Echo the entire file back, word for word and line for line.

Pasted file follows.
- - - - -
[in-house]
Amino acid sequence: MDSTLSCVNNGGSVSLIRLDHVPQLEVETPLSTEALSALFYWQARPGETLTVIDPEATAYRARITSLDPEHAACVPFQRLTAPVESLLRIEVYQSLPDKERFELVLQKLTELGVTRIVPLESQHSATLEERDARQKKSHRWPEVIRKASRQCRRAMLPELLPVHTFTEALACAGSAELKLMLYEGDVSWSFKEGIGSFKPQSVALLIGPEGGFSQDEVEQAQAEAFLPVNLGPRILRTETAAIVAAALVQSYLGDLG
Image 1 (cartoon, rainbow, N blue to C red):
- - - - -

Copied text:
[in-house]
Amino acid sequence: MDSTLSCVNNGGSVSLIRLDHVPQLEVETPLSTEALSALFYWQARPGETLTVIDPEATAYRARITSLDPEHAACVPFQRLTAPVESLLRIEVYQSLPDKERFELVLQKLTELGVTRIVPLESQHSATLEERDARQKKSHRWPEVIRKASRQCRRAMLPELLPVHTFTEALACAGSAELKLMLYEGDVSWSFKEGIGSFKPQSVALLIGPEGGFSQDEVEQAQAEAFLPVNLGPRILRTETAAIVAAALVQSYLGDLG
Image 1 (cartoon, rainbow, N blue to C red):